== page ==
Working at Monzo


(Adam) #1

Hello,

I’m interested to know more about the culture at Monzo.

Is it very much a strict environment or more relaxed in terms of being a start up / tech environment?

What makes it stand out?


(Naji Esiri) #2

Hey Adam,

It’s quite a big question and there are a few bits of content which I think would be really useful in giving you a taster of the Monzo working environment and the values which underpin it.

Check out this Q+A by Maria, our Head of People (who recently left us :disappointed_relieved:) as she answered some really interesting discussion points covering everything from progression frameworks for staff, to tips and advice on our application process.

@Rika wrote about what it’s like to be a new Monzonaut which is a great insight into our onboarding process and what new joiners can expect

@dillonvanauken has done the same on his experiences as a remote worker (all the way in LA). There are a fair few remote workers in the company now and this has presented its own unique set of challenges when it comes to supporting and making sure they feel connected.

For some insights into how speedy internal growth has shaped (and continues to shape) the company culture, check out this talk from our People Operations Manager Tara

There are also two videos coming up which you might find interesting on how we support and promote mindfulness and wellbeing at Monzo in the next month or so - I will post them in here as soon as they are up :slightly_smiling_face:


(Simon B) #3

Hey Adam!

Funnily enough I’m working on some (internal) presentations about Monzo Culture at the moment.

I’ll post up a pretty detailed reply later on tonight :grinning:


(Simon B) #4

OK, so as Naji said, it’s a huge question, therefore I’ll reply mostly to the questions you asked, but may diverge a little.

So I really don’t think anyone would describe Monzo as strict, but that doesn’t mean it’s relaxed either, because most people are under a lot of pressure. We are a rapidly growing company and we have to fight hard on every front - whether it’s product, growth, marketing, operations… everywhere!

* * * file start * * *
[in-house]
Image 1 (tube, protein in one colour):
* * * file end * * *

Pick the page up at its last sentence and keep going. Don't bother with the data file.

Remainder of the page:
So there is pressure, but it’s eased a lot by the fact that our hiring pipeline is very good and that means we know we have very good people here who are intelligent, compassionate and adaptable. It’s fairly key that you understand enough about different areas of the company and how everything works together to be able to have intelligent input outside of your main key area. When we know that you’re the right person, we trust you to do your job and we’ll aim to give you the autonomy to get things done, and you’ll have all the tools you need.

We aim to look after people, support them if there are issues and ensure people have a good work/life balance. Some of that stuff might fall into the stereotypical “tech startup” type of environment - we’ll have beers at the team meeting, we have video games in the office, you don’t have to work at a desk if you don’t want to, you can grab a beanbag or a sofa or hide away in a meeting room if it’s not booked up! Whatever makes you comfortable - the fridges will always have drinks and the environment should always be friendly and pleasant.

We have a huge culture of 1:1’s, which is when you book time with another employee in the company to just hang out and chat, get to know them, go for a coffee, go for a walk, whatever you want. Obviously be aware of everyone’s workload and find something that works for both, but there’s literally nothing to stop you getting in touch with anyone else at the company and suggesting a 1:1 - for example I ensured that I had a 1:1 with Tom, our CEO not long after I started (that might be a little bit more difficult these days and you’d probably have to plan a little bit more in advance since we have so many more staff but it is still very much encouraged).

We are a completely inclusive company where everybody should feel comfortable. To that end, we have both public and private channels for our LGBTQA+ community and we support events like Pride to ensure everyone knows Monzo is an inclusive company for all. This is one of things (at least to me) that makes us stand out - it is one thing to simply say you are inclusive, it is a whole other thing to actively ensure your marginalised people are looked after.

We support everyone’s social interests, we have Monzo sports teams, many staff go to gigs/plays/musicals/events together and we have active channels on Slack for all these things, discussion of TV and movies, gaming, etc